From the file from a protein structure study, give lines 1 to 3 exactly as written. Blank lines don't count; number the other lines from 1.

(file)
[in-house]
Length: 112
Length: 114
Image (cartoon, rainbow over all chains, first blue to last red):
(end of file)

[in-house]
Length: 112
Length: 114